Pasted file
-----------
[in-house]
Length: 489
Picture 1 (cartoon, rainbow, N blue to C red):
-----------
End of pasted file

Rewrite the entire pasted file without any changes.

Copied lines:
[in-house]
Length: 489
Picture 1 (cartoon, rainbow, N blue to C red):